Asia/Pacific (Excluding Japan) manufacturing IT spending will reach US$22 Billion in 2010
Jul 07, 2006
According to a recent report Asia/Pacific (Excluding Japan) Manufacturing IT Spending 2006-2010 Forecast (Doc #AP664101N) of Manufacturing Insights, an IDC company, the APEJ manufacturing industry has been recovering and gaining momentum after the initial turnaround observed in 2004.
APEJ manufacturing IT spending was valued at US$15.0 billion in 2005 and is expected to reach US$22.0 billion in 2010 at a CAGR of 7.7%. The top three sub-industry segments within APEJ in terms of IT expenditure are high-tech, automotive, and chemical. From a geographic perspective, the Greater China sub-region had the largest manufacturing IT spending, followed by ANZ and Korea.
"2005 has been a year plagued with external environmental uncertainties globally and notably in the Asian region, with high-profile events such as the repeated terrorist bombings in Bali; the Asian tsunamis and numerous other natural disasters across the region; the bird flu; rising oil prices; and ongoing geo-political tensions. Despite the above factors, the Asia region as a whole has continued its recovery and stabilization from the economic crises that began in the late 1990s," says Tan Mang Teck, research director, Asia/Pacific Manufacturing Research, Manufacturing Insights. "The APEJ region will continue to be a fast-growing regional economic block, powered by the emerging economic engines of China and India."
Manufacturers have a lot of information available to them, but few put that information to work to improve the efficiency and timeliness of decision making. Leading organizations are building complete control loops over their processes to connect strategic (risk mitigation), tactical (speed and agility), and operational (consistency and control) decisions. There are good opportunities for IT vendors to develop an integrated business & IT vision and roadmap for manufacturing clients extending beyond the four walls.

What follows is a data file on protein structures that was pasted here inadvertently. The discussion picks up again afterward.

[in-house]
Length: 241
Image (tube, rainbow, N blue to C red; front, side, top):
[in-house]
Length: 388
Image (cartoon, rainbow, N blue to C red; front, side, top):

Manufacturing Insights suggests IT vendors focus on value realization instead of new application investment. Doing this will allow IT vendors to provide thought leadership in areas which are close to the hearts of manufacturing clients, as well as to position and "gel together" products, services, and overall value proposition.
"IT vendors should bring an understanding of manufacturing and its segments to market. Deploy sub-industry segment experts to speak the language and provide in-depth understanding of manufacturers' business drivers, challenges, and processes. Besides focusing on helping manufacturers realize value in terms of costs and speed, look for opportunities to help them realize the much valued 3 'As' in their businesses - Agility, Adaptability, and Alignment. For example, building dynamic business processes enabled by dynamic IT," Mr. Tan concludes.
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